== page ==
'Tom Roberts and the Art of Portraiture'
About the book
Julie Cotter examines the portraits by the Australian Impressionist artist Tom Roberts focusing upon the extraordinary range of subjects, their lives and their historical significance. The book places to the fore a body of work that comprises some 280 portraits representing approximately 35 per cent of Robertss total output. Roberts explores the diversity of Australian identity in his depiction of members of Sydney and Melbourne society as well as portraits of pastoralists, farmhands, pearl divers and itinerants. The book culminates in a chapter devoted to Australia's major history painting of the opening of the first Federal Parliament.
About the author
Julie Cotter is an art historian specialising in portraiture and the Australian Impressionists. Julie is committed to exploring and promoting the study of Australian history through portraiture. In researching Tom Roberts's portraits she travelled to the many Australian and international sites of production of the works, particularly the remote areas that attracted Roberts. By locating the historical relevance of subjects she hopes to engage readers in the stories of those who participated in the construction of a contemporary Australian identity. She lectures at Federation University, has presented documentaries on Australian art and received her PhD from Monash University in 2011.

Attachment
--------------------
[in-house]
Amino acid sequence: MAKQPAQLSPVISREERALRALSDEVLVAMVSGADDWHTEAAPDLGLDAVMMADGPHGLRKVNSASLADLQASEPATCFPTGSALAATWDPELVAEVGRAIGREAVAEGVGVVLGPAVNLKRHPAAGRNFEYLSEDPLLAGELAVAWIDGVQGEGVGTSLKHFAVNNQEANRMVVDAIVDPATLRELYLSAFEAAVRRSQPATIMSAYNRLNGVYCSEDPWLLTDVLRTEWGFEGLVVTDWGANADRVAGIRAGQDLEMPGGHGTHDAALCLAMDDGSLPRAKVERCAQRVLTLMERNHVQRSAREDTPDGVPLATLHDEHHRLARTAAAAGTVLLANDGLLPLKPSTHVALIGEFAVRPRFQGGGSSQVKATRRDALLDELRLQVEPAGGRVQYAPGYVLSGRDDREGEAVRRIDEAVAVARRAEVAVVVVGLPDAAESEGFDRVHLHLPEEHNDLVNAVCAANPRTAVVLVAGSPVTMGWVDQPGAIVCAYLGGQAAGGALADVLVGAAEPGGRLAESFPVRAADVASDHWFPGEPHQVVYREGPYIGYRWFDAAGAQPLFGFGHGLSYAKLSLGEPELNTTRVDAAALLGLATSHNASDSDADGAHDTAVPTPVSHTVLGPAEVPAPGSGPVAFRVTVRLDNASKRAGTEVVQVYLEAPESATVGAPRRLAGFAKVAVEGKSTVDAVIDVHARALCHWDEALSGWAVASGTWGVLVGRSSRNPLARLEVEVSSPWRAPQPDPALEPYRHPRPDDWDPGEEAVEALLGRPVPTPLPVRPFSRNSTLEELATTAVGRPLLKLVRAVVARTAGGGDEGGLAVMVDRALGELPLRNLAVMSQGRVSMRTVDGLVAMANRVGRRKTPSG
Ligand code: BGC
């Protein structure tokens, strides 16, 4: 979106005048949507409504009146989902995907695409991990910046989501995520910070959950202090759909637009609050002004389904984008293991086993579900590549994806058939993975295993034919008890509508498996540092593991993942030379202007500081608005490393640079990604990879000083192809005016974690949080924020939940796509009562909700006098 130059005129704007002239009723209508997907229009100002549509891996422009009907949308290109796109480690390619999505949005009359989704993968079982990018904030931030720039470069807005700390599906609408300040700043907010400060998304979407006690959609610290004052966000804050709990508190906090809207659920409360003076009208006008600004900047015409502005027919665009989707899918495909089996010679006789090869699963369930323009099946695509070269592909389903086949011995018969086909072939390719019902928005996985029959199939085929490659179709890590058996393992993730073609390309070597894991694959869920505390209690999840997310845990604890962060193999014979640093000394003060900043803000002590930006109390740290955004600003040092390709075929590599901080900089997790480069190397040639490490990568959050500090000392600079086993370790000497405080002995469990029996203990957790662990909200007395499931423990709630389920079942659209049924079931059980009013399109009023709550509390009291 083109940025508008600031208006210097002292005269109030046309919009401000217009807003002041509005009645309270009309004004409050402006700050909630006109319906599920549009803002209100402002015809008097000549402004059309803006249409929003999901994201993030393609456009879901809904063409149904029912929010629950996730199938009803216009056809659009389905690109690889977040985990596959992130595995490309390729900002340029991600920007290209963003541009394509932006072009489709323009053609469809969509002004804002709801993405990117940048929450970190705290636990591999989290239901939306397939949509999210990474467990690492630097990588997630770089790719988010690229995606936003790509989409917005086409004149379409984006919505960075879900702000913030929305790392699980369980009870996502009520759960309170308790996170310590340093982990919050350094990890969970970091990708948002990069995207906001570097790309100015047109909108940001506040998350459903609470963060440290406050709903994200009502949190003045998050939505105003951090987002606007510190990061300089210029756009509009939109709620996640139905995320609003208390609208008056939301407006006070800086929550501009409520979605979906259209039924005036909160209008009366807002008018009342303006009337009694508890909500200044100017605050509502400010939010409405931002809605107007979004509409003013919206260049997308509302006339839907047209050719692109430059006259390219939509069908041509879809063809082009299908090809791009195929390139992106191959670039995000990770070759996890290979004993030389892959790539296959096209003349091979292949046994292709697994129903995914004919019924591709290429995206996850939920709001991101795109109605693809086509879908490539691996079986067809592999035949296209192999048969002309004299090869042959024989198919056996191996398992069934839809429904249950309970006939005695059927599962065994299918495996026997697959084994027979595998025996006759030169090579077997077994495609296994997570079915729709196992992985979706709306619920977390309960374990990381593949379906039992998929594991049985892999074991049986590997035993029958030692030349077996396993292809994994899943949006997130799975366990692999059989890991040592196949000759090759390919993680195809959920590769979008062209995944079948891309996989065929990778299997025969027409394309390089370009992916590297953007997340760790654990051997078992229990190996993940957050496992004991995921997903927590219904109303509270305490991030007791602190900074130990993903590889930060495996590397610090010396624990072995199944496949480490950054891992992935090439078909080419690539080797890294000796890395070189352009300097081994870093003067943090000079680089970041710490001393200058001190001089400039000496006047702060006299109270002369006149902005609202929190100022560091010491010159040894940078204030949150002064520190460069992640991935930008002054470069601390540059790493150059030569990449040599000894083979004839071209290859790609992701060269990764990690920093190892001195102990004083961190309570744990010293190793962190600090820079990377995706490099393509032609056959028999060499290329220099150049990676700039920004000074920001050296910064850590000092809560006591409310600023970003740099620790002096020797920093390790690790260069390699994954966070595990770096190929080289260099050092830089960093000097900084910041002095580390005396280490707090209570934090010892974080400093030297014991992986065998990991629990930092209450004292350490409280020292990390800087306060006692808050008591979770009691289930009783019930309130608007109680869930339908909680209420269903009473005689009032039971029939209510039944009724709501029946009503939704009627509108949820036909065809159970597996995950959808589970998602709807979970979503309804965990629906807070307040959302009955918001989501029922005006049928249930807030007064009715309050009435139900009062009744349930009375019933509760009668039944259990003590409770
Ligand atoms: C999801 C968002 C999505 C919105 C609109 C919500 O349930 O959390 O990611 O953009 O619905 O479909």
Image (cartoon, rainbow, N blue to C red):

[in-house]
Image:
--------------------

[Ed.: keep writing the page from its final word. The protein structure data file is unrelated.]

Tom Roberts (1856–1931) is so well known for his iconic, impressionistic Australian scenes that his skilful portraiture has been neglected. This book sets the record straight by delving into this extraordinary oeuvre, which included sitters from society, politics, everyday life and Indigenous Australians. Born in Dorchester, the inspirational pastoral setting of Thomas Hardy's novels, Roberts and fellow artists Charles Conder and Arthur Streeton established the naturalist 'Heidelberg School' in Melbourne.
In her well researched, scholarly but highly readable book, Julie Cotter gives insights into Roberts movement away from traditional portraitures, his emotional interaction with sitters, and astute scrutiny of their inner lives. The author draws attention to his arresting wooden panel paintings, and depiction of women in transition from Victorian modesty to rising independence and achievement.